I just returned from Pokagan, Indiana at the Heartland UU Ministers’ winter retreat. I love the location, and I love that I’ve been going for 8 years in a row, and it feels like home away from home. Usually, we have one single topic that we study (supervising staff one year, preaching another, money was one topic), but this year has been a bit different. We’ve studied recent trends in church life, social networking in church life, the Standing on the Side of Love campaign, and working with the media. I’m thinking I’ll tell you more about the Standing on the Side of Love campaign on February 28 when I preach on ‘seeking justice.’ What I’m thinking most about now that I am easing my way back into work is all those invitations to “friend” on Facebook members of the congregation… I’ve been ignoring them easily since I’ve been on sabbatical, but now I need to make a decision about how I’ll be using Facebook in my professional life.
What I’ve discovered about boundaries – professional and personal boundaries – is that we all draw them differently. There’s good advice and wisdom out there, but each of us has to tailor the advice to our individual personalities. I don’t attend Circle Suppers not because I think it’s a bad idea or would violate some professional boundary. I know plenty of ministers who attend their church potlucks regularly. I don’t attend Circle Suppers becaue I’m an introvert – and adding another social even to my calendar would drain me. So, it’s a personal boundary, I guess. I like to be filled, not drained.
There’s a generaton of ministers older than me that regularly befriended (in real life, not Facebook) individuals and families in the congregation. For some of them it worked. The best of them were able to have dinner with some folks, and not with others, and navigate any unrest that created in the congregation. I am of the generation of ministers for whom that seems problematic and difficult, and I regularly decline such invitations.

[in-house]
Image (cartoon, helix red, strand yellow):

But this social networking stuff adds an entirely new complication. I hear my colleagues talking about “friending” any congregant who asks. I hear colleagues creating rules about only be”friending” congregants two years after they’ve been their minister (this from an interim minister who serves a new congregation every one to two years). And I’ve heard ministers stay they will stay “friends” (in the Facebook sense) with congregants after they leave that congregation, and colleagues who say they will “unfriend” all the members of the congregation they’ve served on the day they leave.
I started a Facebook page sometime last spring when my son’s girlfriend told me at dinner how easy it was. I wanted to be in touch with my cousins and family strewn across the country. I did it, and I love it. I don’t ever write anything earth-changing or profound, but the simple act of wishing my cousin, Michael, happy birthday within the week of his actual birthday brings me great joy.
I’ve decided not to ‘friend’ members of the congregation, so I can keep my Facebook page personal and not professional. We are probably going to start a UUCGL Church page on Facebook soon, and I’ll be able to connect with members of the congregation through that means. I warn you that I may change my mind, but right now, that’s how I’m comfortable drawing the line.
I look forward to this Sunday, when I begin telling you about my sabbatical and all I’ve learned. I look forward to getting to know all of you – in real life – not virtually – again. Please be patient as I take my time working my way back… Though I will be in the office all next week, the following I’ll be in Tulsa, which is the reason I came back early at all. You can read posts dated 6/27/09 Guess Who’s Coming to Worship? and 1/7/10 Happy 2010 for more information about that trip. See you Sunday!Explore posts in the same categories: healthy church, learning, Sabbatical, technology